Among western countries, there still exists many misconceptions and stereotypes about the role of women in Iran. Many people have this preconceived idea that women in Iran, and in the Islamic World in general, are somehow submissive. One of the most persistent clichés is that women in Iran wouldn’t be allowed to drive or work, which is completely false!
Of course, Iranian women drive, most of them have high education and can access important job positions. Actually, throughout history, and also culturally, women have always played a major role in society.
To understand the position of women nowadays, it's interesting to go back into Persian history. As far as 5000 years ago, on the site of the ancient settlement called Shahr-e Sukhteh of Shush, women were in charge of economic and administrative responsibilities, as revealed by the excavations on the site, which is quite unusual.
Queens also were always important and influential figures in various dynasties, and a Sassanid princess even ruled over the Persian Empire for a couple of years. During this dynasty, it's interesting to note that many women were fighting in the rank of the military forces.
In the 20th century, under the last Persian Empire, the Pahlavi Dynasty, women have been increasingly been involved in society, accessing all sectors and reaching high-rank positions (ministers, judges, scientists, etc). When the Revolution started, they have been particularly active in the protests against the Shah, especially women coming from traditional backgrounds. The post-revolution era has brought complex and contradictory changes to women's lives, giving them more opportunities on one hand, but also more restrictions on the other.
Traditionally in Iran, mothers are the centre of the family, which is the core of Iranian society. Thus, women are highly respected figures in Persian culture.
Moreover, contrary to a common belief, Islam has granted many rights to women at a time when no other religion would provide such guarantees. In many verses of the Quran, men and women are proclaimed equal in terms of social status. As a Muslim country, those principles are widespread in Iranian culture.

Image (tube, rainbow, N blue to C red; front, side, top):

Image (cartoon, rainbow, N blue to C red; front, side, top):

In the past, traditional roles tended to confine women within the private sphere, taking care of the children, domestic life and marital matters, when men were responsible for the financial aspects of the family. Of course, things are changing at a fast pace, and differences between generations in Iran are huge. Young women's lives nowadays have little to do with their mother's.
First of all, women are highly educated and are more numerous than men at the university. It's interesting to point out that women are very well represented in science and engineering fields. where they are nearly 70% of the students. It's particularly surprising in comparison to western countries, where these fields are usually occupied by men.
At the workplace, women have recently benefited from many laws to protect them and favour part-time jobs when having a child. Nowadays in Iran, it's common that both men and women to work. However, there still exists an important salary gap between men and women.
Women have also increased their presence within the public sphere over the 20th century. Allowed to run for parliament, several women have been able to access high-ranking political posts in the government too. In the arts and culture, Iran has many famous actresses and writers, among which the poetess Forough Farrokhzad for instance.
Yet, many restrictions are still imposed on women, as law and customs continue to regulate important parts of their lives. It concerns, for instance, the dress restrictions and mandatory hijab, as well as the children's custody (which normally goes to the father), inheritance share (women benefit from half the share of a man), allowance to enter Azadi stadium, etc. Women have to fight to have the right to practice many activities which seem trivial in many other countries, as it's the case for practising high-level sports.
However, in recent years, laws and customs have been enforced more loosely, especially in big cities. In Tehran and other liberal cities, huge differences can be seen in the attitude and liberties of women in public space in comparison to smaller villages and more conservative places.
Women activists are still fighting, in Iran as everywhere in the world, to obtain more rights and more equality. However, the status of women in Iran is far from the preconceived idea of many people, and a trip inside the country is the best way to discover the truth by yourself.